Actually, and this probably just means my writing skills are a bit off, the title “throwing in the towel” refers to the giving up of the trying not to speak. So, in other words the time of not speaking is now at an end, so “here come the words.” Thanks for the encouragement…
Yes vanity – all is vanity – so says the preacher of preachers – he also says that with much reading and learning comes vexation of the spirit; so be of good courage – for even Salomon with all his wisdom and knowledge struggled with the real day to day challenges of life – YES?
much reading and learning = vexation. Yes, I can get behind that one. But what choice is there? Some kind of “bliss is ignorance” statement doesn’t quite work anymore. Thanks, John. Peace…
well, yeah– the last line says it all, right? Hahaha! You just write about what comes into that head of yours, and we’ll read it. Love you man!
Jeff, If Nouwen (The Way of the Heart) is right, you must stop speaking for a while in order to guard the fire within. He quotes Diadochus “When the door of the steam bath is continually left open, the heat inside rapidly escapes through it; likewise the soul, in its desire to say many things, dissipates its remembrance of God through the door of speech, even though everything it says may be good.” So guard the spirit, the life within you. God will not break his ties with you. Rest.
Nell, beautiful words. Thanks for taking the time to offer them. Peace…
Jeff, I grew up thinking I knew God and Jesus. I had heard about them all my life. But in my heart I knew I didn’t know them. Most of the time I think you and God have a very close relationship. This one sounds like you are still searching and feeling a little desperate. May I recommend “The Prodigal God” by Timothy Keller? This I know. God wants you to find him..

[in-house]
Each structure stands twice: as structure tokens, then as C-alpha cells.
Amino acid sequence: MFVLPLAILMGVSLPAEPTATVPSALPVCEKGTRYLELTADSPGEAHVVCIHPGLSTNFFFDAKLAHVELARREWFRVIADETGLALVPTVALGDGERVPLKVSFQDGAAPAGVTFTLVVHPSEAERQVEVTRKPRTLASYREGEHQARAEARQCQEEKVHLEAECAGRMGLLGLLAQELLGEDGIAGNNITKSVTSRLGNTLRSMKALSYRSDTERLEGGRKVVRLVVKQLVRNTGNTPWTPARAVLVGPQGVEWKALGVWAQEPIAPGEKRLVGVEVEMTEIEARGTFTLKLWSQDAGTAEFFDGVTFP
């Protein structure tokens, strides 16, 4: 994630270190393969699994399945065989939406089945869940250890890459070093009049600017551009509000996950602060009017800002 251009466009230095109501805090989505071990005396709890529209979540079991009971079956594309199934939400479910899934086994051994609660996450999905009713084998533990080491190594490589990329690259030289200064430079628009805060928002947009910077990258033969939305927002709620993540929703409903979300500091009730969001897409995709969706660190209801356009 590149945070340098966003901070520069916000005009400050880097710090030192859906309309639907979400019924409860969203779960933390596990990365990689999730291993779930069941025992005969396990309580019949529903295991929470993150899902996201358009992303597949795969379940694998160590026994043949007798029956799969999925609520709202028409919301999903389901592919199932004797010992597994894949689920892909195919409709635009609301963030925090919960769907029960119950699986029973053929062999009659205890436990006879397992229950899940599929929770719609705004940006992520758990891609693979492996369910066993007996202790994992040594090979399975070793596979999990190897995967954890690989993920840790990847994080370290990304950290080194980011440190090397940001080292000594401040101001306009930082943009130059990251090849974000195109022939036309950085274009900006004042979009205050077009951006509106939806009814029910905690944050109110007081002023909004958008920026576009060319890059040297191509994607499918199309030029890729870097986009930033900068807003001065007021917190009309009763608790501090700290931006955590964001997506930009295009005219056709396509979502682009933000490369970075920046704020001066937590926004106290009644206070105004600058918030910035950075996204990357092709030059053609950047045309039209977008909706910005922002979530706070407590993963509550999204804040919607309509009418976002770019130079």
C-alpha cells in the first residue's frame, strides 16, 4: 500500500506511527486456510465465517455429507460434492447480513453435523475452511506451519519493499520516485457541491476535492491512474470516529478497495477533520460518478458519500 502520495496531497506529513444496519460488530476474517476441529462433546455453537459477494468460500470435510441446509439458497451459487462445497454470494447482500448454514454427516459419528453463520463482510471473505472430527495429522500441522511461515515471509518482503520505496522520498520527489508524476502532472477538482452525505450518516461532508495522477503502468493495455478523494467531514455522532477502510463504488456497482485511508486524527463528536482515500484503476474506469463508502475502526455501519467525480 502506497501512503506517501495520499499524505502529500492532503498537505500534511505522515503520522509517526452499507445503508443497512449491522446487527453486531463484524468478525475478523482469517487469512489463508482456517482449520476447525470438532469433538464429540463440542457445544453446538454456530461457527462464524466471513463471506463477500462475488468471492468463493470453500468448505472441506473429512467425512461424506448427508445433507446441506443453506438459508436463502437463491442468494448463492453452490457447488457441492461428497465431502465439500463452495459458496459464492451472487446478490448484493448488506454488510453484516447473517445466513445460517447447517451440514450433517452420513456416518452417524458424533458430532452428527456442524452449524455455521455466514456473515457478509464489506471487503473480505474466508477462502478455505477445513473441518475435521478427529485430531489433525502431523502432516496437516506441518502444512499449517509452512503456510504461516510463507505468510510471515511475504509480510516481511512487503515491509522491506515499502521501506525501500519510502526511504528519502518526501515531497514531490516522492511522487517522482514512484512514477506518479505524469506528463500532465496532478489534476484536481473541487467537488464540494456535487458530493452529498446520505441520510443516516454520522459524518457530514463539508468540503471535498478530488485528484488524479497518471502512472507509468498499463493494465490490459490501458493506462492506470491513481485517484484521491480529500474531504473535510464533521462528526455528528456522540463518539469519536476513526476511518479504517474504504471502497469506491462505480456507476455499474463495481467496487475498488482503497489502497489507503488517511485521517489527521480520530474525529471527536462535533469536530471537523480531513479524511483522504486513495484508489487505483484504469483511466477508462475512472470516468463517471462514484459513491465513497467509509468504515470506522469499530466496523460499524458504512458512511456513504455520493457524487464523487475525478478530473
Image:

Hey Neita, I’m not sure I’m desperate…maybe a little. God and I go back and forth daily about all kinds of things, so we’ll see. Stay tuned…thanks! Love you so much…
I found myself – on 3 recent occasions – talking about the deep stuff of life with acquaintances: a teenage cousin-in-law, someone new in town, and a co-worker.
It had been a while since I had done so with closer friends and the rapid succession took me by surprise. Still, by the third day I found myself wondering if this is what people expect from my conversations? Is that how I want to be known? Although part of me yearns for that kind of discussion, for me even “the things that matter” can burn you out.
While I hardly believe I’m the only one out there interested in this kind of thing, there’s an amount of anti-intellectualism in our culture that I feel even toward myself. I went to college, I read Sartre, Heidegger, Foucault, etc., but I feel I’ve got to apologize for that. Sometimes when something a philosopher wrote is the perfect example of what I’m trying to get across, I sure feel like an ass sharing that information.
At one point I aspired to live a life where all my actions were filled with deep meaning. Now I just hope to live simply, and to express love truly.